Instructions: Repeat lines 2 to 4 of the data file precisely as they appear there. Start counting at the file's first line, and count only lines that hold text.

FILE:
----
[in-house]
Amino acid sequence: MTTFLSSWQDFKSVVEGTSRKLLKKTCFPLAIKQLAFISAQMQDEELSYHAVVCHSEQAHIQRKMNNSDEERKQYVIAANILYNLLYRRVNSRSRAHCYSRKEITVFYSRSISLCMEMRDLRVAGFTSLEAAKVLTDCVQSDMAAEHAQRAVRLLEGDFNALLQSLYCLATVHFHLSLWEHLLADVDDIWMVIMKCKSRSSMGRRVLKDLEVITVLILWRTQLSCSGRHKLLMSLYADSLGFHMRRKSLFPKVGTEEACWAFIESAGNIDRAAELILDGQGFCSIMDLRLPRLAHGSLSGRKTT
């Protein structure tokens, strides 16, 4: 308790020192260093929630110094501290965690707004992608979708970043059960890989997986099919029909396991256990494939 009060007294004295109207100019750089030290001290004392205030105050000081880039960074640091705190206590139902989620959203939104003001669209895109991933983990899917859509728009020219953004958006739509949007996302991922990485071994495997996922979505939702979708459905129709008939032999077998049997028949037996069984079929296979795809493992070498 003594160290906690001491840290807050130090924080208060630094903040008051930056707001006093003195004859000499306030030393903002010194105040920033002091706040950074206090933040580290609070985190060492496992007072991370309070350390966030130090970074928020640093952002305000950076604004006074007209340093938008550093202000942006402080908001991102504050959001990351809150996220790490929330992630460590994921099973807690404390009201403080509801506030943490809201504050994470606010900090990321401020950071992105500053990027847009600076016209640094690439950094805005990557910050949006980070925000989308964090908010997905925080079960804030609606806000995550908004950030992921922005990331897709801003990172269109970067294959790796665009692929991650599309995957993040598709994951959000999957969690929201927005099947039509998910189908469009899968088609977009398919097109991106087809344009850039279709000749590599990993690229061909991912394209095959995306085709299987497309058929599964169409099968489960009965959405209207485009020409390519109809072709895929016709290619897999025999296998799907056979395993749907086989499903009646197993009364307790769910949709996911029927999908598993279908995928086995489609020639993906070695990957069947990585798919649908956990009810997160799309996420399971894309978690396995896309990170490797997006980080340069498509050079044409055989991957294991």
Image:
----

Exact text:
Amino acid sequence: MTTFLSSWQDFKSVVEGTSRKLLKKTCFPLAIKQLAFISAQMQDEELSYHAVVCHSEQAHIQRKMNNSDEERKQYVIAANILYNLLYRRVNSRSRAHCYSRKEITVFYSRSISLCMEMRDLRVAGFTSLEAAKVLTDCVQSDMAAEHAQRAVRLLEGDFNALLQSLYCLATVHFHLSLWEHLLADVDDIWMVIMKCKSRSSMGRRVLKDLEVITVLILWRTQLSCSGRHKLLMSLYADSLGFHMRRKSLFPKVGTEEACWAFIESAGNIDRAAELILDGQGFCSIMDLRLPRLAHGSLSGRKTT
């Protein structure tokens, strides 16, 4: 308790020192260093929630110094501290965690707004992608979708970043059960890989997986099919029909396991256990494939 009060007294004295109207100019750089030290001290004392205030105050000081880039960074640091705190206590139902989620959203939104003001669209895109991933983990899917859509728009020219953004958006739509949007996302991922990485071994495997996922979505939702979708459905129709008939032999077998049997028949037996069984079929296979795809493992070498 003594160290906690001491840290807050130090924080208060630094903040008051930056707001006093003195004859000499306030030393903002010194105040920033002091706040950074206090933040580290609070985190060492496992007072991370309070350390966030130090970074928020640093952002305000950076604004006074007209340093938008550093202000942006402080908001991102504050959001990351809150996220790490929330992630460590994921099973807690404390009201403080509801506030943490809201504050994470606010900090990321401020950071992105500053990027847009600076016209640094690439950094805005990557910050949006980070925000989308964090908010997905925080079960804030609606806000995550908004950030992921922005990331897709801003990172269109970067294959790796665009692929991650599309995957993040598709994951959000999957969690929201927005099947039509998910189908469009899968088609977009398919097109991106087809344009850039279709000749590599990993690229061909991912394209095959995306085709299987497309058929599964169409099968489960009965959405209207485009020409390519109809072709895929016709290619897999025999296998799907056979395993749907086989499903009646197993009364307790769910949709996911029927999908598993279908995928086995489609020639993906070695990957069947990585798919649908956990009810997160799309996420399971894309978690396995896309990170490797997006980080340069498509050079044409055989991957294991």
Image: